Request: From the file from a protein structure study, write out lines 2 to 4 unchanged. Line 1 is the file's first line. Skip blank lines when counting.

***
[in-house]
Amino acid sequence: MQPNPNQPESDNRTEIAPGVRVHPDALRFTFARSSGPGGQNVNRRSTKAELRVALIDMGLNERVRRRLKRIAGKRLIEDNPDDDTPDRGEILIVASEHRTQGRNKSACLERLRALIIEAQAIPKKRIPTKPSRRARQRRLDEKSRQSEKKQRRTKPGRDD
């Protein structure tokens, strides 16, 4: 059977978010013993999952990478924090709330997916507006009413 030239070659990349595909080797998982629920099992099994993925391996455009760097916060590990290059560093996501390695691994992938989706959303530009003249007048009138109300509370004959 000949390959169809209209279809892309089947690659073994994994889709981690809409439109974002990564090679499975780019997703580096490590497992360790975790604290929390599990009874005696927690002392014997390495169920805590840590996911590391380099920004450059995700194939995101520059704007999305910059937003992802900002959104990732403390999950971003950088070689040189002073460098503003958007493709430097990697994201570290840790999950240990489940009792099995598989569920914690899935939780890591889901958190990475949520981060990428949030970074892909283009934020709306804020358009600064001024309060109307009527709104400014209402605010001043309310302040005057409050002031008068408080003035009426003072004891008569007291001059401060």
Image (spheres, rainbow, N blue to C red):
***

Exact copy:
Amino acid sequence: MQPNPNQPESDNRTEIAPGVRVHPDALRFTFARSSGPGGQNVNRRSTKAELRVALIDMGLNERVRRRLKRIAGKRLIEDNPDDDTPDRGEILIVASEHRTQGRNKSACLERLRALIIEAQAIPKKRIPTKPSRRARQRRLDEKSRQSEKKQRRTKPGRDD
């Protein structure tokens, strides 16, 4: 059977978010013993999952990478924090709330997916507006009413 030239070659990349595909080797998982629920099992099994993925391996455009760097916060590990290059560093996501390695691994992938989706959303530009003249007048009138109300509370004959 000949390959169809209209279809892309089947690659073994994994889709981690809409439109974002990564090679499975780019997703580096490590497992360790975790604290929390599990009874005696927690002392014997390495169920805590840590996911590391380099920004450059995700194939995101520059704007999305910059937003992802900002959104990732403390999950971003950088070689040189002073460098503003958007493709430097990697994201570290840790999950240990489940009792099995598989569920914690899935939780890591889901958190990475949520981060990428949030970074892909283009934020709306804020358009600064001024309060109307009527709104400014209402605010001043309310302040005057409050002031008068408080003035009426003072004891008569007291001059401060």
Image (spheres, rainbow, N blue to C red):